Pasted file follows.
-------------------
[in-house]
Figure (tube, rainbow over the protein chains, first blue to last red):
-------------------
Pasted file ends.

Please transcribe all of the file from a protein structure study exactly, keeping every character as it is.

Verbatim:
[in-house]
Figure (tube, rainbow over the protein chains, first blue to last red):